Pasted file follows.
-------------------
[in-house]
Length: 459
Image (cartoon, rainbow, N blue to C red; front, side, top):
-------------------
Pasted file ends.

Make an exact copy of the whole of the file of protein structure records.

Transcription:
[in-house]
Length: 459
Image (cartoon, rainbow, N blue to C red; front, side, top):